Tiny fluctuations in the intensity of the → cosmic microwave background radiation (CMBR) as a function of angular position over the sky, first discovered in the → Cosmic Background Explorer (COBE) observations. At a level of 1 part in 100,000, these temperature variations trace the distribution of matter and energy when the Universe was very young, about 380,000 years old. Since the CMB spectrum is described to a high precision by a → blackbody law with temperature T0, it is usual to express the anisotropies in terms of temperature fluctuations ΔT/T0 and expand them on the sky in → spherical harmonic series ΔT/T0 (θ,φ) = Σ almYlm(θ,φ), where θ and φ are the → spherical polar coordinates, Ylm is the spherical harmonic functions with → multipole index l, and the sum runs over l = 1, 2, ..., ∞, m = -l, ..., l, giving 2l + 1 values of m for each l, and alm is the multipole moment of the decomposition. The power spectrum of the anisotropies is defined as Cl≡ mean | alm |2 = 1/(2l + 1) Σ mean | alm |2. See also → CMB angular power spectrum.
cosmic microwave background polarization
qotbeš-e zamine-ye rizmowj-e keyhâni
Fr.: polarisation du rayonnement du fond cosmique microonde
The polarization of the → cosmic microwave background radiation due to → Thomson scattering by → free electrons during the → recombination era. The polarization can greatly enhance the precision with which the parameters associated with → acoustic oscillations are derived; because it carries directional information on the sky. When an → electromagnetic wave is incident on a free electron, the scattered wave is polarized perpendicular to the incidence direction. If the incident radiation were → isotropic or had only a → dipole variation, the scattered radiation would have no net polarization. However, if the incident radiation from perpendicular directions (separated by 90°) had different intensities, a net → linear polarization would result. Such → anisotropy is called → quadrupole because the poles of anisotropy are 360°/4 = 90° apart.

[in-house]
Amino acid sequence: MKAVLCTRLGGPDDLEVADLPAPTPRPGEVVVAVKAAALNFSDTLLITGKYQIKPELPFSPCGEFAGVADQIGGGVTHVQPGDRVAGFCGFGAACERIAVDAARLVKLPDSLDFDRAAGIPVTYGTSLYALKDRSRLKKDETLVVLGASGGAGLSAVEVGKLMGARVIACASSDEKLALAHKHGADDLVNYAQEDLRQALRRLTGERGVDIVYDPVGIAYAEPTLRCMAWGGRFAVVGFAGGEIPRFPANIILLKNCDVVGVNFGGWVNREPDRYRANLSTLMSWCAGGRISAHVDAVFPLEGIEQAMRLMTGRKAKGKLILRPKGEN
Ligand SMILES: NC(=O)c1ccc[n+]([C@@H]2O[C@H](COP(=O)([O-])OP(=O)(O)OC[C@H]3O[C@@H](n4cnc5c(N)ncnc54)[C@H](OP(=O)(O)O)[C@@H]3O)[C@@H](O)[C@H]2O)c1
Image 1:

cosmic microwave background radiation (CMBR)
tâbeš-e rizmowj-e paszaminé-ye keyhâni
Fr.: rayonnement du fond cosmique microonde
The diffuse → electromagnetic radiation in the → microwave band, coming from all directions in the sky, which consists of relic photons left over from the very hot, early phase of the → Big Bang. More specifically, the CMBR belong to the → recombination era, when the → Universe was about 380,000 years old and had a temperature of about 3,000 K, or a → redshift of about 1,100. The photons that last scattered at this epoch have now cooled down to a temperature of 2.73 K. They have a pure → blackbody spectrum as they were at → thermal equilibrium before → decoupling. The CMB was discovered serendipitously in 1965 by Penzias and Wilson (ApJ L 142, 419) and was immediately interpreted as a relic radiation of the Big Bang by Dicke et al. (1965, ApJL 142, 383). Such a radiation had been predicted before by Gamow (1948, Nature 162, 680) and by Alpher and Herman (1948, Nature 162, 774). This discovery was a major argument in favor of the Big Bang theory. In 1992, the satellite → Cosmic Background Explorer (COBE) discovered the first anisotropies in the temperature of the CMB with an amplitude of about 30 µK. See also: → cosmic microwave background anisotropy, → dipole anisotropy, → CMB lensing, → CMB angular power spectrum, → acoustic peak, → baryon acoustic oscillation, → WMAP.
cosmic neutrino background (CNB)
notrino-ye paszamine-ye keyhâni
Fr.: fond cosmologique de neutrinos
The theoretical → low-energy neutrinos that decoupled from the rest of matter about two seconds after the → Big Bang when the temperature dropped to approximately 2.5 MeV (redshift of z ~ 6 ×109). The CNB is similar to the → cosmic microwave background (CMB), but older. It is estimated that today the CNB has a temperature of Tν = (4/11)1/3Tγ, ~ 1.95 K (or 1.67 × 10-4 eV), where Tγ is the CMB temperature of 2.728 K. Also called the relic neutrinos.
extragalactic background light (EBL)
nur-e paszimine-ye ostarkahkeši
Fr.: lumière du fond extragalactique
The integrated intensity of all of the light emitted throughout the history of the Universe across the whole of the → electromagnetic spectrum, including those which are not individually detected. The EBL spectrum includes cosmological backgrounds associated with either primordial phenomena, such as the → cosmic microwave background radiation (CMBR), or photons emitted by stars, galaxies and → active galactic nuclei (AGN) due to → nucleosynthesis or other → radiative processes, including → dust scattering, → absorption and reradiation. The EBL may also contain signals that are diffuse and extended, including high-energy photons associated with dark matter particle decays or annihilation.